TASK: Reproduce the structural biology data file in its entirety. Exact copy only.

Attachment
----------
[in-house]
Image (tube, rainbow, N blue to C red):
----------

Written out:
[in-house]
Image (tube, rainbow, N blue to C red):